The Last Juke Box Hero

By David

Confession: My favorite part of every posting was picking the music for the end.

When I was a kid, I dreamed of being a DJ, and I’d actually record myself on my eight-track spinning singles in my basement, introducing the bands, announcing the tunes, every now and then venturing a particularly catchy B-side (God, am I dating myself).

Later, I was one of those geeky dorky dweeby dudes who couldn’t share mix tapes and CDs fast enough. I have two friends who say they almost need entire rooms—or outbuildings—to warehouse all the music I forced on them. I always saw it as the perfect postcard, the best way to say hi and what’s up and lay my own trip out there without getting too, well, weird.

But hey, I’m weird. Just check out the tunes, you know that much.

I always got a kick out of sharing some of the obscurities I posted here—yeah, that’s me, the guy who’s always into “the best kept secret in …” (which explains my writing career, in more ways than I’d like to admit).

And so, in trying to determine what tune should conclude my stint here at Murderati, I was my usual exuberant, over-indulgent self, having too much I wanted to share, and only one last chance to do so.

So postmark this one, save it for later, play it in bits. This is my Murderati Mix Tape, with samples of a handful of the bands and singers and songs I had bookmarked to share but never got the chance, such as:

Ani DeFranco singing “(Fuck You and Your) Untouchable Face

Dee Dee Bridgewater with Jimmy Smith performing Horace Silver’s “Filthy McNasty

One Nation with Victory covering Roxy Music’s “More Than This

The Sons of the Pioneers singing “Tumbling Tumbleweeds

Vinicio Capossela (“The Italian Tom Waits”) performing “Ultimo Amore

Los Straitjackets with “My Love Will Go On” (the “love” theme from Titanic)

Punk girl band Sleater-Kinney with “Start Together

The Raindrops doo-wopping with “The Kind of Boy You Can’t Forget

Kay Starr, with the Charlie Barnet Orchestra: “Sharecropper’s Blues

Bonnie Raitt absolutely killing Randy Newman’s “Feels Like Home

Randy Newman killing as well with, well, Randy Newman (“Shame”)

Sash! performing the hypnotic dance classic “Encore Une Fois

The Bobby Fuller Four performing “Let Her Dance” on Shivaree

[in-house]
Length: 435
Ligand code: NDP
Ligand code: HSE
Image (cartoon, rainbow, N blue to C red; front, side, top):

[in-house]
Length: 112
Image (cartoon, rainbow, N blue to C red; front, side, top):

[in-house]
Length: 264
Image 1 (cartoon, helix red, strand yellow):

Renee Fleming with “Soave sia il vento,” a stunning tercetto from Mozart’s Cosi fan tutte

Ultravox with the punk anthem “Saturday Night in the City of the Dead

Slim Whitman singing the classic “Cattle Call

Cleveland’s The Outsiders performing “Time Won’t Let Me

Cleveland’s Joe Walsh (and ELO’s Jeff Lynne) kicking it with “Wrecking Ball

Meg Hentges with the gay teen anthem “This Kind of Love

A great video mash-up with the Nicholas Brothers tap-dancing to The Contours’ “First I Look at the Purse

Guitarist extraordinaire Johnny A with “Oh Yeah

Carmen Consoli with the plaintive, aching “Tutto su Eva

Little Willie John (God, what a voice): “Leave My Kitten Alone

Noel Coward (God, what a voice): “I Went to a Marvelous Party

The jazz geniuses Ninety Miles: “Black Action Figure

Bryan Ferry covering the Everly Brothers’ “The Price of Love

Willie “The Lion” Smith performing the breathtaking “Echoes of Spring

Fiona Apple’s haunting “Red, Red, Red

The first four minutes of Bernard Hermann’s score for The Day the Earth Stood Still

Brazil’s Nação Zumbi (what The Who would have sounded like if Pete Townsend were Brazilian, not British) performing “Hoje, amanhã e depois

And finally (for this set), this old chestnut titled “The Cruel Sea” performed by The Dakotas, from that bastion of surf culture, Manchester UK (yes, this one’s for you, Gordon):

There were, of course, also songs with a crime theme I wanted to share, such as:

Anita O’Day with the Stan Kenton Band: “And Her Tears Flowed Like Wine

Steely Dan: “With A Gun

The incomparable Raul Malo covering “Long Cool Woman in a Black Dress

Brave Combo with a killer cumbia version of the Mission Impossible theme

Gypsy wedding band Fanfare Cioçarlia performing the James Bond Theme

The (okay, not so obscure) O-Jays: “For the Love of Money

Richard Thompson: “1952 Vincent Black Lightning” (how does he sing and play like that at the same time?)

Alabama 3 with the theme from The Sopranos

The Eliminators with “Dawn Patrol” (inadvertent theme for the Don Winslow novel)

John Hiatt with “Tennessee Plates

Anita O’Day (again), this time with the Gene Krupa Orchestra: “Murder He Says


And then all the sad goodbye songs I thought might bring a tear, a chuckle, or a sigh:

Bettye Lavette with “Let Me Down Easy

Annie Lennox with my favorite version of Cole Porter’s “Ev’ry Time We Say Goodbye

Café Tacuba and Celso Piña with “Aunque No Sea Conmigo” (Since You Will Not Be With Me)

Shivaree (the band, not the TV show): “Goodnight Moon

Merle Haggard: “Someday When Things Are Good (I’m Gonna Leave You)

John Lennon. “You Don’t Know What You Got (Till You Lose It)

Otis Redding: “You Don’t Miss Your Water (Till Your Well’s Run Dry)

Raul Malo (again—God, what a voice), this time with J.D. Souther’s “You’re Only Lonely